“I reminded [the lawmakers] that opportunities like this come around maybe once in a generation,’’ the president told reporters in Rose Garden remarks after the meeting, according to the New York Times.
House Speaker Nancy Pelosi told reporters after the meeting with the President that she was confident that the Democrats had the 218 votes necessary to pass the legislation.
Saturday evening, speaking from the House floor, she said “Today is a historic moment for our nation and for America’s families […] Today we will pass the Affordable Health Care for America Act.”
The bill passed its first hurdle early Saturday afternoon when, in a 242-192 vote, lawmakers easily approved the procedural rule setting the terms of the floor debate on the measure. Fifteen Democrats voted with the Republicans against the procedural rule.
The final vote is scheduled for Saturday evening. Democratic leadership had originally suggested the vote could occur as early as 6 pm, but as the debate wore on Saturday afternoon, that timeline seemed certain to slip. Politico reported that the final vote could occur as late as 11 p.m.
The debate had moments of theatrics, as supporters and opponents spoke on House floor.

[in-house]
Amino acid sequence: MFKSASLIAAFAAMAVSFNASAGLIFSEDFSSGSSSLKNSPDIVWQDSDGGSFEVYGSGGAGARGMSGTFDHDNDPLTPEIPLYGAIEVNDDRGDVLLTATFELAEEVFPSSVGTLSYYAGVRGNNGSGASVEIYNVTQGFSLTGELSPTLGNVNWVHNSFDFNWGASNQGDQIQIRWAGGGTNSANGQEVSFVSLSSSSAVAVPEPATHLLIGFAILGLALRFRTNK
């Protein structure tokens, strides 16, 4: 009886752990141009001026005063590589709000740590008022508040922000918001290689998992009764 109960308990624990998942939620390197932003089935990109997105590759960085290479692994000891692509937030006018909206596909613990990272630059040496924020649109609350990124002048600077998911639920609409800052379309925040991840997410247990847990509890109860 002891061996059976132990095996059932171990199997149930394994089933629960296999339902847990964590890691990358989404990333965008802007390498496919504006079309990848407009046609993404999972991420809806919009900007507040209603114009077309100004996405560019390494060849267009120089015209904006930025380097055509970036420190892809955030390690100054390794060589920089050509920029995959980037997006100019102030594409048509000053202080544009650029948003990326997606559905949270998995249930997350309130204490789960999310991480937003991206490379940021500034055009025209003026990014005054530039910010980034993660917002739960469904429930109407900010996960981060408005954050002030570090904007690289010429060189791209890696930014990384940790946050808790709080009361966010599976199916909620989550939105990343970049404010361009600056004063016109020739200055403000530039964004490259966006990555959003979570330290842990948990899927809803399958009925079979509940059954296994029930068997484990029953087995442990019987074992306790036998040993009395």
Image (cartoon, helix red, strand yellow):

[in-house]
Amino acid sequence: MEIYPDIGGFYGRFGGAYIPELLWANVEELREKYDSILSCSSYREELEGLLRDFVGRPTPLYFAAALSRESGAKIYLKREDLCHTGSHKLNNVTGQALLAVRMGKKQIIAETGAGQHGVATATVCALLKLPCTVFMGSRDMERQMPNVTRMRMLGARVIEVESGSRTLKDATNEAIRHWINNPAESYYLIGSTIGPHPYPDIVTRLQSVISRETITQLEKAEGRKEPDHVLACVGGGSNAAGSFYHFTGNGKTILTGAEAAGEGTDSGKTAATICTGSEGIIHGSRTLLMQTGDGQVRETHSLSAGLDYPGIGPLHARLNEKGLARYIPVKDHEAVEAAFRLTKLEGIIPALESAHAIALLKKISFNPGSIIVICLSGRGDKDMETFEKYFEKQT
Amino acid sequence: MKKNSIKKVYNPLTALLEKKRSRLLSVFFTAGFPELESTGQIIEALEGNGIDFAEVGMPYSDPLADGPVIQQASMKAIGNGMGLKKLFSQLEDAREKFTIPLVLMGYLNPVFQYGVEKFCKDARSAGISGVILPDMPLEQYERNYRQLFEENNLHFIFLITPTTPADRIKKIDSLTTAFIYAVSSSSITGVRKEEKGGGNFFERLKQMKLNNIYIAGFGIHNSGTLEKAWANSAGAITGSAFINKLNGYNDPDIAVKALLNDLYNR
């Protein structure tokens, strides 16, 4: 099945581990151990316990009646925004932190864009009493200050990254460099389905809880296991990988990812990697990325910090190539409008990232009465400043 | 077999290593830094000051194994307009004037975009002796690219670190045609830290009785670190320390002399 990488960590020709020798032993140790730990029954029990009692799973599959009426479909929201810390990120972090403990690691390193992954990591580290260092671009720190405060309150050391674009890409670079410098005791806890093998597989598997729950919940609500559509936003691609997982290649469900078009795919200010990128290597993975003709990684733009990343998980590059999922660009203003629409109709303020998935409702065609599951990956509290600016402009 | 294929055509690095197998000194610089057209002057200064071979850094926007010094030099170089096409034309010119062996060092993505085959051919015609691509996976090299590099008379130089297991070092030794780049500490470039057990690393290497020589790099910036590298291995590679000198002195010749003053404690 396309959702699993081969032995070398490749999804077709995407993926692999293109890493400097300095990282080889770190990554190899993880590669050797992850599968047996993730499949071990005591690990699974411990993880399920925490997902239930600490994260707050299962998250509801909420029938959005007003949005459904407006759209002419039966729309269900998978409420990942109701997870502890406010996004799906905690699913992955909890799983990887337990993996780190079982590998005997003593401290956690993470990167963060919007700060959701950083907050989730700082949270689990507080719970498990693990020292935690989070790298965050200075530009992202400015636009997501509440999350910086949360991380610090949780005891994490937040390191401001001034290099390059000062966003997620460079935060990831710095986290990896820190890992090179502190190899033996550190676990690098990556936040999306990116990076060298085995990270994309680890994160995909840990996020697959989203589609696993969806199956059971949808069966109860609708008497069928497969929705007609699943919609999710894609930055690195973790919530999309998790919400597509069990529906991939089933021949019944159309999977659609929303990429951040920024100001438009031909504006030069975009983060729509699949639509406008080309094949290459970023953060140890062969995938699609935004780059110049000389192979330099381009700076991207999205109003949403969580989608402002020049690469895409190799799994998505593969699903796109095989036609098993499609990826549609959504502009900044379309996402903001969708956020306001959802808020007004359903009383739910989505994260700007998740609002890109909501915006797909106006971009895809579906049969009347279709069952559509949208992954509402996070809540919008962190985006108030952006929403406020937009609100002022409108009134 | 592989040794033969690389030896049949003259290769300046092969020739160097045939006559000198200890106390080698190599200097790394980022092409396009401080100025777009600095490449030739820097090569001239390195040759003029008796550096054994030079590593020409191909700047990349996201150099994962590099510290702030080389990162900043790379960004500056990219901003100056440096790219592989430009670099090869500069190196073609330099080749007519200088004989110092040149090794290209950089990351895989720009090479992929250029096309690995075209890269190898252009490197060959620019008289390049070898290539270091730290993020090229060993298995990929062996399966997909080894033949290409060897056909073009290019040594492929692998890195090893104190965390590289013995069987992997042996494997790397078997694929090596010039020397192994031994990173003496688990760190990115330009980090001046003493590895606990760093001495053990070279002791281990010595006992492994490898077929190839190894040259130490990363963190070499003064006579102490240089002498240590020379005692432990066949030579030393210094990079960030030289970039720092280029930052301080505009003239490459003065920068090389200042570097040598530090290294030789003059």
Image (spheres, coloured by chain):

Rep. John Shadegg, R-Ariz., brought the 7-month-old daughter of his chief of staff, Kristin Thompson to the floor.
“This is Maddie […] Maddie believes in freedom […] Maddie knows that if this bill passes, it says that her mom’s health care goes away and won’t be around in five years,” Shadegg said.
Politico reported that as of Saturday evening, Democratic sources were confident that they had the 218 votes necessary to pass the bill.
However, the paper was also keeping a running tally of Democrats who had committed to vote “no” on the bill, which was up to 31 by 6 p.m. Democrats can afford to lose 40 votes and still pass the legislation.
House Democratic leaders worked late into the night Friday to resolve one of the party’s stickiest disputes, over abortion. About two dozen anti-abortion Democrats have threatened to vote against the bill unless it includes stronger prohibitions against government funding being used to pay for abortions.
Late Friday, Democratic leaders cut a deal to allow a floor vote Saturday on an amendment by Rep. Bart Stupak, D-Mich., to strengthen those restrictions. The amendment would bar anyone who receives federal subsidies to purchase health coverage under the new health insurance exchange from buying coverage that includes abortion, and would prohibit the new government-run public insurance option from offering abortion coverage.
The compromise angered abortion-rights supporters.
“This amendment would violate the spirit of health care reform, which is meant to guarantee quality, affordable health care coverage for all, by creating a two-tiered system that would punish women, particularly those with low and modest incomes,” Planned Parenthood said in a statement.
But it cleared the way for anti-abortion Democrats to support the bill, and on Saturday the U.S. Conference of Catholic Bishops sent a letter to members endorsing the measure.
Gaining those anti-abortion Democratic members’ votes is key. The Democrats control 258 seats in the house, and so can only afford to lose 40 votes.